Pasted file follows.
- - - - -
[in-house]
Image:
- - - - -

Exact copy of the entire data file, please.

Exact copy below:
[in-house]
Image: